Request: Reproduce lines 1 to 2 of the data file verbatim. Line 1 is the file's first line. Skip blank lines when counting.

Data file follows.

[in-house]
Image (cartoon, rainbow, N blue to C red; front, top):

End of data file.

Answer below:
[in-house]
Image (cartoon, rainbow, N blue to C red; front, top):